It seemed both fitting and especially poignant for staff and students that the final graduation ceremony of the Melbourne Session of The John Paul II Institute for Marriage and Family came on the eve of the memorial for the mighty Polish martyr-Bishop of Cracow, St Stanislaus (1030-1079).
Poignant and painful, because over 900 years later, the Australian incarnation of the Institute, founded and inspired by another Polish giant, bishop of Cracow and saint, should face the incomprehension and oversight not only of an increasingly alienated secular culture but also the inertia and lack of response from much of the bureaucratic machinery and hierarchy of the Catholic Church in Australia.
In his frank address to the staff and 19 of the over-33 final graduates, the Institute President from 2004-19, Bishop Peter Elliot, spoke of his awareness of the problems it faced in creating such a new academic entity in this country.
He also identified a political and cultural “undertow that would eventually bring about our closure.”
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He lamented further that, “The Institute was regarded only as an agency of the local Church and a drain on money, which is apparently wasted if spent on promoting Christian marriage, the family as the domestic church, relevant bioethics and sound religious education of the young.”
The bitter irony of this, in the Church’s current state, was not lost on those present.
Archbishop Peter Comensoli, who officiated at the Graduation and was installed to Melbourne in August 2018 as Archbishop and Institute President (after the process of the closure of the Institute had begun) said afterwards, that he sensed the frustration and pain mingled with the sense of achievement and joy on the faces of the students and staff.
He noted his “gratitude to the Lord” for the gift of the Institute and the great intellectual and cultural “seeds” that all associated with it would bring to the Church and to the world in the future.
There were, after all, many notable achievements, qualities and personalities associated with the Melbourne Institute.
It was, for example, the only theological establishment to have as Registrar a former officer of the Royal Marines, Lt Colonel Toby Hunter.
Bishop Elliot paid tribute to the widespread regard all hold for this remarkable man. “His communications with students leave absolutely nothing unclear,” Bishop Elliott said.
“His memory of past students is formidable; his understanding of the intricacies of the Institute is profound, and yet so, too, is his humility in the face of the haughty and the proud. We who have benefited from all this are deeply indebted to him.”
Bishop Elliott spoke of the international profile of the “bright stars” upon whom the Melbourne campus was founded.
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These have included, in the theology of culture, Professor Tracey Rowland, in bioethics the now deceased hero, Professor Nicholas Tonti-Filippini and the first Director of the Institute, Anthony Fisher OP (now Archbishop of Sydney.)
There were other rising stars, those whose originality and insight, worked as a gravitational force for many of those active in lay movements, and the young lay and clerical students, who unlike many of those in more powerful positions in the Church, held the mission and the presence of the Melbourne John Paul II Institute in high esteem.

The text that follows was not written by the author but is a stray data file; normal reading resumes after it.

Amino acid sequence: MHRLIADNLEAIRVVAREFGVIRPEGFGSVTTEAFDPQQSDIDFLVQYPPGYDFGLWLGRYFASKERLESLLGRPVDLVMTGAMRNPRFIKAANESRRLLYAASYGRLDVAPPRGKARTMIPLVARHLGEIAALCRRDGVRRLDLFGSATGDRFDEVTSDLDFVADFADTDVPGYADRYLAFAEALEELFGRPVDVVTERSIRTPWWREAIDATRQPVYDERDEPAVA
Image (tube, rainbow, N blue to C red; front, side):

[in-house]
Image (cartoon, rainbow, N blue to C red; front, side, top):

Many of these sacrificed considerable time, money and effort to attend classes with the local and the notable international faculty.
Many teachers flocked to religious education courses by Dr Gerard O’Shea (now working for the diocese of Wilcannia Forbes), to courses by Dr Conor Sweeney, author of Abiding The Long Defeat: How to Evangelise Like a Hobbit in a Disenchanted Age, and to the writing and wisdom of patristic scholars of the calibre of Dr Anna Silvas and Dr Adam Cooper.
Dr Colin Patterson, who worked with heroic patience in the place of the Dean in the final few but difficult years paid tribute to Professor Tracey Rowland, Dean for almost all of the life of the Institute, “(who) strove mightily to resist external (and varied) opposition to the Institute, and to preserve its independence and its very existence.”
He also reflected upon the vast cultural and geographical sweep of the students who studied there.
“Our first graduate, in 2003, was Salesio Lui (one-time Prime Minister) from the Pacific Island of Tokelau. Our last student was Fr Lubega, from the back-blocks of Uganda, who fulfilled the requirements for his PhD just last week.”
Indeed, the Institute is Alma Mater for over 250 graduates, many young Australians, but also some outstanding and hard-working students from Japan, Taiwan, Singapore, India, Canada, New Zealand, Kenya, England, France and from Mauritius, some working in English as their second, third or fourth language.
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Despite the bitter-sweet tone of the final celebrations, it is the future to which the community and students of the Institute look, because it was always a deeper and more personal and concrete reality than a mere institution.
“The Institute,” said Dr Rowland, now the John Paul II Chair of Theology at the University of Notre Dame, “was unique.
“We aimed at world class standards in our academic life, but at the same time we fostered a culture wherein the students sensed they were part of an extended family.”
It is this unique synthesis, achieved over the life of the Melbourne Institute, between deep theological reflection, imaginative creativity, cultural engagement and pastoral sensitivity, which will be borne by all who have passed through its doors and will become a gift to the Church and a light in the mysterious coming of the Kingdom. Amen.